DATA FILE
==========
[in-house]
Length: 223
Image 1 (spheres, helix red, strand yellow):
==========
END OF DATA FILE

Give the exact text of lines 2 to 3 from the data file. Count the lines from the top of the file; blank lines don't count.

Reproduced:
Length: 223
Image 1 (spheres, helix red, strand yellow):